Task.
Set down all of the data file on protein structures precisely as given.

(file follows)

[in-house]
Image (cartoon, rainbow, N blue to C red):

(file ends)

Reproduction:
[in-house]
Image (cartoon, rainbow, N blue to C red):